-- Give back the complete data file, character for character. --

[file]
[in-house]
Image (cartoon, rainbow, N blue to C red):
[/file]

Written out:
[in-house]
Image (cartoon, rainbow, N blue to C red):